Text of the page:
Simplicity is not buying more storage units

I like to read about interior design, sometimes in traditional magazines but often through websites like ApartmentTherapy or BHG (aka Better Homes & Gardens).  Small-space and eco-friendly living has definitely hit the mainstream, so it’s not unusual for photos to feature micro apartments and edible gardens.

But often “small space solutions” really means “how to cram more stuff into a tighter space.” My pet peeve lately has been commenters who vent their spleens over Americans** building huge houses to hold all their mass-produced goods, then proceed to  recommend Ikea’s mass-produced goods for storage.

Below are some of my self-imposed rules about décor:

Don’t have enough space? First weed out and pare down.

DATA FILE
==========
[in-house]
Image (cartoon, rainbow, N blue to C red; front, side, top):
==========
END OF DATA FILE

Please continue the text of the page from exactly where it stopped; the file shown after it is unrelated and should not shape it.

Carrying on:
Want matching glassware and utensils? Don’t buy them new; charity shops have plenty of kitchenware (and picture frames, vases, etc.)

Feel everything is dated? Concentrate on what truly needs replacement; e.g. worn-out flooring or broken blinds. Trends come and go, but a practical upgrade has longevity.

**NOTE: Even if the poster acknowledges that consumerism is a problem in other countries, it’s always viewed as a disease spread intentionally by Americans.  Additionally, the majority of American builders were building “right-sized” homes with green options and fewer luxuries in 2009.

 

Related Reading

  • 22 Hard-to-Kill Houseplants at Decor8
  • Photo Gallery: Luxe Condo Decorating Ideas from Canadian House & Home .  When I lived in various rinky-dink apartments, CH&H was a dream book of elegant urban flats and renovated vacation cottages.  I still like how wood and other natural elements are used.

 

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